Egypt Removes President Morsi

As the Economist noted, in its leading article of 5 July 2013, the removal of Egypt’s president Morsi “sends a dreadful message to Islamists everywhere”.  Islamists will conclude that democracy doesn’t work, rather than drawing the correct conclusion: that no form of government will be acceptable unless it is inclusive.  When the Muslim Brotherhood was a pressure group it only had to advance the interests of its own supporters, but a government has to run the country as a whole.

Elections are a necessary, but not sufficient, aspect of legitimacy.  Stability depends upon acceptability, negotiability and inclusivity in all the dimensions of power:

The Egyptian people are suffering considerable (and unnecessary) poverty.  There is widespread corruption and gross inequality and the economy is in trouble.  It was unwise for the government to appear to ignore its economic responsibilities (3.3.9).

In a pluralist society such as Egypt it is important for everyone to show socially-acceptable behaviour towards everyone else (4.4.2), but it is a breach of people’s human rights to place additional religious demands on people (unless they have  agreed to join a specific sect).

The separation of powers between the government, the legislature and the judiciary, is an essential safeguard against oppression (5.2.8).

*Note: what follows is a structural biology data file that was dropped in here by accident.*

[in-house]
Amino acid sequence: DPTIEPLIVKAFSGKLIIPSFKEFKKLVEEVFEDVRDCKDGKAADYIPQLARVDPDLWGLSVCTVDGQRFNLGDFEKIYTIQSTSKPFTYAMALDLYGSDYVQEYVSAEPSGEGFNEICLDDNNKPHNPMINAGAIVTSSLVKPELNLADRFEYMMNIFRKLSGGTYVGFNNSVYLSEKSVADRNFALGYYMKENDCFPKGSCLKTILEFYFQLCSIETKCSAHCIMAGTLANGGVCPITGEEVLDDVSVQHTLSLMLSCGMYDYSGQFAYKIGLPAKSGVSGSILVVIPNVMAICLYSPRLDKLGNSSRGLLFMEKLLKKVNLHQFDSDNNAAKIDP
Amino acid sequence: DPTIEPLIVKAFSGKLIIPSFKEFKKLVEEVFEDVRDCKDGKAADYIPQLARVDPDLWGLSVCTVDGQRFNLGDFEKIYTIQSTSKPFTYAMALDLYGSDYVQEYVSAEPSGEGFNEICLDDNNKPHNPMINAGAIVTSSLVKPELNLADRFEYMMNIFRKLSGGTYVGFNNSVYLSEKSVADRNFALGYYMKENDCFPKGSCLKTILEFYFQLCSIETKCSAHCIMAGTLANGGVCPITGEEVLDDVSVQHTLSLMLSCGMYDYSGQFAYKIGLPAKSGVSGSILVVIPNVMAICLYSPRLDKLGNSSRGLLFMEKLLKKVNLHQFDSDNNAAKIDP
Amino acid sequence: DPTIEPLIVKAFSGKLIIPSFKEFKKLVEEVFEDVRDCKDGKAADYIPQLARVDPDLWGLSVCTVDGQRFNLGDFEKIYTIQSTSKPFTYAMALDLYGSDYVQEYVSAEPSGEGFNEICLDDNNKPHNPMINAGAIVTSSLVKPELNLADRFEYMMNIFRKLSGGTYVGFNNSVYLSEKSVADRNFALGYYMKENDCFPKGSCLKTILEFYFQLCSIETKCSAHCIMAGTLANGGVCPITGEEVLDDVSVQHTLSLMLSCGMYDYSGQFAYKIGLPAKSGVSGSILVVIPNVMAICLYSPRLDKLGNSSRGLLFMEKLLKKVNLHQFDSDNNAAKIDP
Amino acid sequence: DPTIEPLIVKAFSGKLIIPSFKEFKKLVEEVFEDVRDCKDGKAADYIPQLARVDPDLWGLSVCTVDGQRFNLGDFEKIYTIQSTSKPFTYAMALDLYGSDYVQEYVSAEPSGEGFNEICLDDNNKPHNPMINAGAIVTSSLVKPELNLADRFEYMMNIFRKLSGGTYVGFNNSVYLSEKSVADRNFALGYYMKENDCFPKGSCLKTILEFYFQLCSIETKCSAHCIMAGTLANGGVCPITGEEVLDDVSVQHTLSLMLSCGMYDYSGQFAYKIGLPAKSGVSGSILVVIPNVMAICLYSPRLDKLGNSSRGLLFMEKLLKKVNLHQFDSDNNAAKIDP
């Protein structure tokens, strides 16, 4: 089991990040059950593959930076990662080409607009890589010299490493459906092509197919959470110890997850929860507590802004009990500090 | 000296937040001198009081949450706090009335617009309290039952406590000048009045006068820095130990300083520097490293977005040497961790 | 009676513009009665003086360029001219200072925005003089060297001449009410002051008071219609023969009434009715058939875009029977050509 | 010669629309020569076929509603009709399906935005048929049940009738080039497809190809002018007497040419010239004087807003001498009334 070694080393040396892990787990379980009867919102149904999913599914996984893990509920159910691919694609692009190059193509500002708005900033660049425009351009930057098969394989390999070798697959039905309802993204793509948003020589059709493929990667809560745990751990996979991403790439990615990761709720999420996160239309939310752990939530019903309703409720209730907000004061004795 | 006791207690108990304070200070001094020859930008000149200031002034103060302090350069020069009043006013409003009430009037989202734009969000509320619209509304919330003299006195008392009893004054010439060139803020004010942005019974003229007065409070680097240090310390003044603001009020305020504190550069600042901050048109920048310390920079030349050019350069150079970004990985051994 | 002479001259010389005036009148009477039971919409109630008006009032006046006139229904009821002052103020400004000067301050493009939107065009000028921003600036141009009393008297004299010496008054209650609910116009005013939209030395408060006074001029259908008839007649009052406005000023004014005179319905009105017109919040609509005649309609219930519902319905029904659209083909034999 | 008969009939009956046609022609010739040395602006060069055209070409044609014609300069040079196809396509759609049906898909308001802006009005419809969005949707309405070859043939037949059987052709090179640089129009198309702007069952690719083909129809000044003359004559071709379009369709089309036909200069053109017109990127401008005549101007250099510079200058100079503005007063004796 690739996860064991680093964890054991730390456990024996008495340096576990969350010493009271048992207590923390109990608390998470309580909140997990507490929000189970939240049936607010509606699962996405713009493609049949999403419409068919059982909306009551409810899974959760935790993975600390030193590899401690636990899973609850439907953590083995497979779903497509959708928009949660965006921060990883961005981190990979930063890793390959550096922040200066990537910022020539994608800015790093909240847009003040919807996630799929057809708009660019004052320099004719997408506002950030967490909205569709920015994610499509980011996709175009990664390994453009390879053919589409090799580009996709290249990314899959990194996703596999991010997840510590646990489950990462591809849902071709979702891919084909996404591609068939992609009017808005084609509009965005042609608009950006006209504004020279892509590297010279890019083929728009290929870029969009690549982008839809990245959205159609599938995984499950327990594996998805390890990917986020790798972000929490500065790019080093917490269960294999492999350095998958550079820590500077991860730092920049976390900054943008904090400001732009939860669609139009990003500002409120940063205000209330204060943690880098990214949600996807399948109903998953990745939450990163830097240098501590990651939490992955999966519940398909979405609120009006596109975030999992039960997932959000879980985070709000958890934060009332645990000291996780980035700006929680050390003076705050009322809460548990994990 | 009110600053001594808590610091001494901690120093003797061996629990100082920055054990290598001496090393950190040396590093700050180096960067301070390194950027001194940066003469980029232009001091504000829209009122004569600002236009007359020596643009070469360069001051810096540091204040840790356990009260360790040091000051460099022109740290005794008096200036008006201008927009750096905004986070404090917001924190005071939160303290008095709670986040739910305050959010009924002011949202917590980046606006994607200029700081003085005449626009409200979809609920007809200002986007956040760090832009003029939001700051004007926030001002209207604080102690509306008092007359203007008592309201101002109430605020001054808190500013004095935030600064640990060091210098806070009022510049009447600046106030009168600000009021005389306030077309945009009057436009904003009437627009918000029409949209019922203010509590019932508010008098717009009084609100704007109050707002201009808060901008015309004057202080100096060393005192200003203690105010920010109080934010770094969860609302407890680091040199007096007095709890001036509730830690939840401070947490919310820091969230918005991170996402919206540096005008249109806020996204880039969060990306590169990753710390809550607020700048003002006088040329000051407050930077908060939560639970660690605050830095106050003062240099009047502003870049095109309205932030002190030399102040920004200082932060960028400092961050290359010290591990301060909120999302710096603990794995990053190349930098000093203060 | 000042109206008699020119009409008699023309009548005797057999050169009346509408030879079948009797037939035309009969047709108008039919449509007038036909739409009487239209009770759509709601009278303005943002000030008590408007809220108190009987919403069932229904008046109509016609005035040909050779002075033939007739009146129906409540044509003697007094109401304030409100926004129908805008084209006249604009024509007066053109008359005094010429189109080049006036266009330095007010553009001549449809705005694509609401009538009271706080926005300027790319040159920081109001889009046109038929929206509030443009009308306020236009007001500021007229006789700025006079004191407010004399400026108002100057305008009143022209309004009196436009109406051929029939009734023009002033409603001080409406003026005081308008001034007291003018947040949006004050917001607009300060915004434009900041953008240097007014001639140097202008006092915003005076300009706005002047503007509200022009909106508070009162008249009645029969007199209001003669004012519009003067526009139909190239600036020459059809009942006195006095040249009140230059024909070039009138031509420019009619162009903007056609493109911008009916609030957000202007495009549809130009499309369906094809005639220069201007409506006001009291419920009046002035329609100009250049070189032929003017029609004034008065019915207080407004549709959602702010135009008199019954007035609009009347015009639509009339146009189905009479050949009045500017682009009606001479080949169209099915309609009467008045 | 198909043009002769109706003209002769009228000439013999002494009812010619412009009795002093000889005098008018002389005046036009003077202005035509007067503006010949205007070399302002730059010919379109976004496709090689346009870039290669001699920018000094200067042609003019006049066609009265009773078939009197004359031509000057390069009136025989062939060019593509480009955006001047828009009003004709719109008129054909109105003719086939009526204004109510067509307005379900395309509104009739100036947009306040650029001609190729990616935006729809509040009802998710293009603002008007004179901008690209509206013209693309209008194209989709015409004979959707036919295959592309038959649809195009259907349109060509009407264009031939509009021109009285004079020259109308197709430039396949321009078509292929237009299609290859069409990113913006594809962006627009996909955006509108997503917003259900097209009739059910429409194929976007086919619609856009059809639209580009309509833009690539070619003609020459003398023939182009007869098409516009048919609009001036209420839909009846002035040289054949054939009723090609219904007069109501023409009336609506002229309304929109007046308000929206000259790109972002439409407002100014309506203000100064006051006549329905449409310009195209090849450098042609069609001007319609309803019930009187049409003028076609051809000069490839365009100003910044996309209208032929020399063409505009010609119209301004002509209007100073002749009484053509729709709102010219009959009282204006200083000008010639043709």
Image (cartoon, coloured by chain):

Irrespective of the political system, politicians have to be seen as legitimate by the people they govern (6.3.5).  This depends on much more than having been elected by a majority of the population; people are also entitled to expect responsiveness, competence and integrity.

The army has quelled the large-scale protests by giving the people what they were asking for: the removal of President Morsi.  The Islamist supporters of the president are now protesting in their turn.  There is a danger of events spiralling out of control, even sliding into civil war, unless the Islamists can see an acceptable political way forward.  Suppressing them by force, using the army (7.2.6), would only buy time at the cost of considerable bloodshed before finding a political solution.

It is not surprising that mistakes were made in the first year of a new democracy. As the Economist article pointed out, a speedy political solution is now the best way forward. Hopefully a new government would learn from the mistakes of its predecessors and would take more active steps to foster peaceful pluralism (6.7.4.5).

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